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Toss three coins What is the probability of getting 2

Statistics Through Applications | 2nd Edition | ISBN: 9781429219747 | Authors: Daren S. Starnes ISBN: 9781429219747 133

Solution for problem 7.6 Chapter 7

Statistics Through Applications | 2nd Edition

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Statistics Through Applications | 2nd Edition | ISBN: 9781429219747 | Authors: Daren S. Starnes

Statistics Through Applications | 2nd Edition

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Problem 7.6

Toss three coins What is the probability of getting 2 heads and 1 tail when you toss three coins? Give appropriate evidence to support your answer.

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American Economy: T opic 4  What is money o Physically money can be anything o Physical money – over the years has been physically composed of every thing one can think of  Medium of exchange – means must be readily accepted as a trade for a good or service  Store of value – means money must be able to be sored and spent later  Measure of value – means money must be able to distinguish between value of goods  MI – the strictest definition of the money supply o Paper money – 19% o Coins – 1% o Demand deposits – 80%  Nothing backs your money but confidence in the government that a dollar is worth a dollar  Fiat money – term used to describe the fact that confidence in the government backs money  Types of money – coins, paper money, and demand deposits  Near monies – savings accounts, bonds, loans, and stocks  During an inflation we encourage the transfer of monies to near money so people will not spend  During a deflation we encourage the transfer of near monies to money so people will spend  Structure pf the fed: o Board of governors  Open market operations committee – buys and sells bonds increasing and decreasing the interest rate  12 regional federal reserve banks  Individual national banks and selected state banks  Non member or affiliated banks  General council committee – recommends new laws on financing to congress o The federal reserve board of governors directs the twelve regional banks owned by the corporation to increase or decrease the money supply  Functions of the federal reserve system o It’s the banker’s bank o It’s the government’s bank o It performs surprise audits of banks o It provides paper money to its economy o It provides for the collection of checks  Reserve ratio – is determined by the federal reserve bank and is the minimum percent of the reserves that must be kept in the federal reserve bank to cover checks that are clearing the system from an individual bank, this is a percent of that bank’s demand deposits  Excess reserves – are the amount of cash and reserves remaining after required reserves held by the federal reserve bank have been considered  The multiplier – the money for the load, stock purchase, bong purchase, etc. is given to the individual as a check and the check is assumed to be deposited in another bank. This increase that bank’s reserves and it can load out 80% of the deposited amount, it must keep 20% as the required reserves o This process will continue and a multiple of the original increase in the money supply is crease since each time the money is deposited in anther bank excess reserves are created in that bank and the bank will load it out, or buy bonds or stock with it  Monetary policy 2 o Quantitative monetary policy – changing the discount rate, reserve ratio, or buying and selling bonds o Lowering the reserve ration allows the bank to keep less reserves at the Fed and increases the banks excess reserves it can create money with. This would be done in a deflation. For and inflation just the opposite would occur:  If the Fed buys bonds it is trading near money for money, which would happen in a deflation, the opposite would happen in an inflation o Qualitative monetary policy – changing selective credit controls (credit card rates), moral suasion (jaw boning), and changing the margin  The Fed can change the interest rate on certain parts of the economy. For example, it can change the rate we pay on credit cards  The fed can change the amount required to buy a commodity contract or stock. It can require the banks to get more money up front and loan out less (increase the margin) in an inflation making it more difficult to trade in inflationary period. A deflation would be just the opposite.  The president and the chairman of the Fed can make speeches and threaten to have the IRS or EPA or other agency look into a union or business if they don’t listen to his or her recommendations on wages and price changes.  Quantitative monetary policy o Change the discount rate  Deflation – lower  Inflation – raise o Change the reserve ratio  Deflation – lower 3  Inflation – raise o Buy or sell bonds  Deflation – buy  Inflation – sell  Qualitative monetary policy o Selective credit controls  Deflation – decrease  Inflation – increase o Changing the margin  Deflation – decrease  Inflation – increase o Moral suasion  Deflation – yes  Inflation – yes 4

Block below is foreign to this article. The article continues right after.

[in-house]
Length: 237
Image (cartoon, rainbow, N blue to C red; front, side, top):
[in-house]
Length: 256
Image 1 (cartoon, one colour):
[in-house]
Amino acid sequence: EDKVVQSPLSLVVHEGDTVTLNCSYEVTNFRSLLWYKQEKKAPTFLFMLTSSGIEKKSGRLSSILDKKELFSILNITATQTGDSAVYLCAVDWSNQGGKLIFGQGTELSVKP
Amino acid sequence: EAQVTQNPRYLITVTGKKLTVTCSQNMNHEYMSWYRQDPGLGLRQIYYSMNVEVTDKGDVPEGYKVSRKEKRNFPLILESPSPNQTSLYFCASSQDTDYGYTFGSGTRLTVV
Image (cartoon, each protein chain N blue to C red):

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Chapter 7, Problem 7.6 is Solved
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Textbook: Statistics Through Applications
Edition: 2
Author: Daren S. Starnes
ISBN: 9781429219747

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Toss three coins What is the probability of getting 2